In regard to the question, "is any PR good PR," the answer goes something like this: “Yes, as long as you spell my name right.” What's implied is, “Just talk about me.”
In the Information Age, everyone is talking, and Andy Warhol’s precognition that some day everyone would have their 15 minutes of fame is already old history. Anyone with a web cam or a smartphone can be a star on youtube in under five minutes. But is it true that any PR is desirable?
Last week on Comedy Central's The Colbert Report, the American Handwriting Analysis Foundation (a nonprofit educational organization of which I'm president) and its Campaign for Cursive committee were lampooned. Colbert made fun of the fact that the "AHAF" on the logo is printed, rather than cursive. Then he showed our C4C logo, the pink blob with googly eyes that we fondly call “Brainy,” and suggested it would give kids nightmares.
So, was that negative publicity, or did it matter because an influential TV show was talking about us? What were the results? We got about a dozen emails, two of which were from trolls (when you anonymously email a stranger, there’s apparently no need to be either polite or kind). They both stated basically that just because they don’t like to write in cursive, nobody’s kids should have the opportunity to learn this skill. Of course, that left ten supportive emails, and in fact, two of them said that if we offered a C4C T-shirt, they would buy one (we’ve decided to do just that).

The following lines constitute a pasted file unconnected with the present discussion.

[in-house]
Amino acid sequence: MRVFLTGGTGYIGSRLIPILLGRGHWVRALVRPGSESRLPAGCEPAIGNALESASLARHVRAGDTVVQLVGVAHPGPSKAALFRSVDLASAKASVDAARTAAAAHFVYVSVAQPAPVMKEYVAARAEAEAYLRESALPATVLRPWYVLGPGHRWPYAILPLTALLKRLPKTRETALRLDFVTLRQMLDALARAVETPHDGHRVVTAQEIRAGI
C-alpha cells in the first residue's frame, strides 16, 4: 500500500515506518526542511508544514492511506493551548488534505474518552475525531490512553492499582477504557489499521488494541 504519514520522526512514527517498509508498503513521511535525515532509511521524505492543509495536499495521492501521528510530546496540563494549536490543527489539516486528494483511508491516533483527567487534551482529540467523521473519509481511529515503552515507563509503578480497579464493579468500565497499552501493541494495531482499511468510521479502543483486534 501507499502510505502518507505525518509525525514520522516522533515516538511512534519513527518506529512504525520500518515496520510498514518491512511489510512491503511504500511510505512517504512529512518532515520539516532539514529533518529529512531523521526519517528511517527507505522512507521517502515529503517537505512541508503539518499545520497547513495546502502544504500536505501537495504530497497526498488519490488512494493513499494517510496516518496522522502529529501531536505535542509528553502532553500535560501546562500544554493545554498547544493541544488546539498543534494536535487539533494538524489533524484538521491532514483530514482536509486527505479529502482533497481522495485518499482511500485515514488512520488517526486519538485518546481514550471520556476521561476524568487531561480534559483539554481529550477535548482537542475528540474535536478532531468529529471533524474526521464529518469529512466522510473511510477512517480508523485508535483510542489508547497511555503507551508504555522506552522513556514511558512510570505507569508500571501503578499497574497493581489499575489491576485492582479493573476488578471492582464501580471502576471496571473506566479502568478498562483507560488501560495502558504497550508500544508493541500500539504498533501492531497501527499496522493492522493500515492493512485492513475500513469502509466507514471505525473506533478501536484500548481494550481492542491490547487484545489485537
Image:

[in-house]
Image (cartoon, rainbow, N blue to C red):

No doubt a lot of people saw the segment, most of whom would otherwise never have heard of AHAF or C4C. That’s probably a positive. I am left wondering, though, what Stephen Colbert’s true feelings are about keeping cursive handwriting training in the curriculum--and what does his handwriting look like? A friend has suggested I mail him a copy of my book, The Complete Idiot’s Guide to Handwriting Analysis, but I think the title might just open up a can of worms. The important message is that current research indicates cursive training helps develop young brains--if they want to quit using it later, so be it, but there is a window of opportunity when it positively affects reading, spelling, and remembering.
Many people are not aware that more than 40 states have removed the requirement to teach cursive writing from the public school curriculum, Private schools still do teach it, putting public school kids at a distinct disadvantage. Kids who can't write cursive can't read it. Anyone interested in why removing cursive training is a very bad idea is invited to visit www.cursiveiscool.com. Happily, seven states have seen the need to keep it alive and have made new laws to return this important training to the curriculum.
I don’t have an answer to the question I posed at the beginning. But I’m hoping you, dear reader, will have some input. Please leave a comment.